bird sculpture

White Raven Sculpture In Progress

The White Raven was not the intended title of this post but as an avid viewer of Game of Thrones my ears pricked up when replaying part of season 6 and hearing Sansa tell  Jon that a white raven had arrived from the Citadel. In the fictional world of the Citadel, white ravens are purported to be a different more intelligent  species to their black corvid cousins hence their fictional black eyes. In reality as author Carrie D. Miller explains, white ravens have leucism which is a condition that reduces the pigment in their eyes and feathers  resulting in  cream colored rather than  white feathers and  and  blue rather than black eyes. 

When looking for details about white ravens I came across some wonderful photographs taken by Mike Yip and posted on Carrie D. Millers site. You can see more beautiful photographs of ravens and other bird species on the site administered by Mike Yip

Photograph Courtesy of Mike Yip

Photograph Courtesy of Mike Yip

 Living in the hills of Hollywood we have the good fortune to see families of ravens on an almost daily basis but only once have we seen a white raven. I can attest that he/she looked perfectly healthy and happy in the presence of his/her darker siblings. The white raven, was as Ms. Miller correctly states more cream and beige in color than white.

 The sculpture was finished at the same time we saw the rerun of this series and so we decided to make a small video showing the piece in white basswood. To preserve the wood as well create a surface that will release more easily from the  rubber mold we have now finished the Raven with a water based varnish. Martin will next  begin making molds so that we can get one step closer to creating this piece in  bronze.

Carving made easy - Raven sculpture video

The title of this post is very much tongue in cheek as this observer and videographer can attest. I have in recent years carved the occasional textural detail on furniture pieces that our company makes but confess that these were mere chips of wood removed with minimal precision to create an interesting tactile surface and not an example of fine wood carving.

For the carvers who may be reading this the major shaping and removal of large areas of wood was done with either a large flat gouge or a flat pairing chisel. The large feathers were carved with a “V” tool and pairing chisel. The small feathers were created with various different shaped gouges which were pushed down into the wood and around the edge of the feather to create a vertical wall and small pairing chisels were then used to remove the tops of the abutting feather to create a step. Describing Martin’s carving was far more difficult and far less informative than making and viewing this video.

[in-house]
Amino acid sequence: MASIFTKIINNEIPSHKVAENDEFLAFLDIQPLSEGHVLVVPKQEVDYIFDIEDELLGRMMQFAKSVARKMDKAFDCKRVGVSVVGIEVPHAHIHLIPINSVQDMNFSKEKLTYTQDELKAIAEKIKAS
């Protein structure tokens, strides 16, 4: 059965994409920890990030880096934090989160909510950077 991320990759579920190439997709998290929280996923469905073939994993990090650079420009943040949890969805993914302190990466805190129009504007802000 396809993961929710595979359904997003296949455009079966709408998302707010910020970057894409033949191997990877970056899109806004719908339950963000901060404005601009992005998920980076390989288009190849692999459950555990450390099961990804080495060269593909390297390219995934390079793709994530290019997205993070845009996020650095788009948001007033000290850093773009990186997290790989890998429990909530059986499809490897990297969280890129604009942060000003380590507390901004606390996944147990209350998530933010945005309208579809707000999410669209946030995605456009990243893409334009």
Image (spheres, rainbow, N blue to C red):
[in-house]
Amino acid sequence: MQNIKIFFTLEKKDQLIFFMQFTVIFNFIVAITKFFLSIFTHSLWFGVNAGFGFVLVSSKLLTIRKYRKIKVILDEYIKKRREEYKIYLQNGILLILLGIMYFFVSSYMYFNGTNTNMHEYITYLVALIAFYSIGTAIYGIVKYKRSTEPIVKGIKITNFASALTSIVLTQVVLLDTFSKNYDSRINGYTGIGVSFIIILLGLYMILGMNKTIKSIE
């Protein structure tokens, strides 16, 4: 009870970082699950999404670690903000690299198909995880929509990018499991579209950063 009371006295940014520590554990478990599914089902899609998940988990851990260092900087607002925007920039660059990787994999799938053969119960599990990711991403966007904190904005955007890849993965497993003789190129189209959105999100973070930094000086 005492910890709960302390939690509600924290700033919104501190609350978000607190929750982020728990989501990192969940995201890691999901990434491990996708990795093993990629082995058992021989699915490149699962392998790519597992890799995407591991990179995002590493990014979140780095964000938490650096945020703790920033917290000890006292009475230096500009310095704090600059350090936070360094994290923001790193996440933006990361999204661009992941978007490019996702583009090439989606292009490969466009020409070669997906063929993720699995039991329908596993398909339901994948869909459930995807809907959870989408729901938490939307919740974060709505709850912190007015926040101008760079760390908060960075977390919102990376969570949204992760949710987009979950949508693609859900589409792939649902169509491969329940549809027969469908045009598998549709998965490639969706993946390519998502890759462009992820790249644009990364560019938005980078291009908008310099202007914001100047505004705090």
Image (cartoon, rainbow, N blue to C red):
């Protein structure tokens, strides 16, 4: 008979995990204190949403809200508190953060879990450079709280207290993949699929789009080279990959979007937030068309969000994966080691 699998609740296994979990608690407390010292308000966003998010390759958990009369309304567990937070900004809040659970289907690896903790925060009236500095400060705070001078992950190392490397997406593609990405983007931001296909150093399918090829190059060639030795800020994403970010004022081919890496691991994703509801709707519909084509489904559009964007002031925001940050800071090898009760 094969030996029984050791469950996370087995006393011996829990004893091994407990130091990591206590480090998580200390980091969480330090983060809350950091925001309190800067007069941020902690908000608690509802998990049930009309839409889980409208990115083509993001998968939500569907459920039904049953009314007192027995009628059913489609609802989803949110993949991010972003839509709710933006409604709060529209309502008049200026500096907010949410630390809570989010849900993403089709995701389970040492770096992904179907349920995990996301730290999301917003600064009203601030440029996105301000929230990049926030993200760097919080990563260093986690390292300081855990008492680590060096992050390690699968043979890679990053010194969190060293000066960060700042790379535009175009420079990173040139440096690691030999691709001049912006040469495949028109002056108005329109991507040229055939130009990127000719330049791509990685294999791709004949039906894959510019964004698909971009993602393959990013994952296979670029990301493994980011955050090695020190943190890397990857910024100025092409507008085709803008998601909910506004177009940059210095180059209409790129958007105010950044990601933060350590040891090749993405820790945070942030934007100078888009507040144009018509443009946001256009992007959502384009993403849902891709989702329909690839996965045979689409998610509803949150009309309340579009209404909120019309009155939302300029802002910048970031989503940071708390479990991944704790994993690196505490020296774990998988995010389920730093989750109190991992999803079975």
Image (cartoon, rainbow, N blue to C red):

Traditional artistic methods and 3D printing

One of the advantages to old school artistic methods is that they allow the artist to make more immediate design corrections. While CAD does allow the artist to see his virtual sculpture from a 3D vantage, the same holds true for perspective drawings done free hand with pencil and vellum. No doubt the ease and speed of both methods owes a lot to the different ways our brains are wired and to the different way we learn our artistic skills. While Martin Pierce does use a Wacom tablet with built in mouse, for his initial development drawings he finds he can achieve a faster result by adding and erasing pencil lines.

Plan View of Raven Design

Plan View of Raven Design

This is the same approach he uses when creating custom door handles and as with sculpture, the grid drawings can be placed on solid wood so that the shape can be traced onto the wood’s surface and then cut out with a band saw. While we could use 3D printing to create the pattern, the speed of printing a quick cast SLA model and the cost makes this approach less attractive. By comparison, once a pattern has been sculpted and the artistic and practical bugs sorted out then 3D printing comes into its own if one wants for example to create a left or right version of a piece. We have occasionally used 3D scanning to scan a pattern and then have created a print file that is a mirror image thus allowing a 3D print to be made. The only drawback to doing this is that you end up with a clone of the original and Martin tends to have a preference for asymmetric designs.

Profile of Raven design

Profile of Raven design


New Raven Sculpture Takes Shape

Following on in the quest for a perfect raven sculpture Martin has drawn his intended subject side on and full scale at 22” from tip of tail to tip of beak.  Using old school techniques to maintain the bird’s proportions he drew the raven on a 1” size grid and then increased the grid to 2” to achieve the correct size. While this could have been done in photo-shop with a grid tool, the size of the piece would have made it cumbersome.

He will now need to draw the front elevation, plan and top view so that he can correctly show the leg stance and wing position and capture the birds pre-flight position with the wings slightly apart.

Finding a captive raven to study for the other elevations has not been easy but we have found 4 ravens who are residents at the Big Bear zoo so will be travelling there soon to get some footage for the next stage.

Martin will be carving the raven in basswood which is a tight grain but relatively soft easy to carve hard wood. At this point he plans to carve the bird as whole sculpture to ensure its correctness from all elevations. Once it looks correct and mindful of the cost of and weight of bronze he will then cut the sculpture down the middle so that he can carve out the center and thus make the sculpture hollow.

raven drawing 3.jpg